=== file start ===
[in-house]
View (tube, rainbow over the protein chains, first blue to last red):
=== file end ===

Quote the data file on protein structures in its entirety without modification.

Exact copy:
[in-house]
View (tube, rainbow over the protein chains, first blue to last red):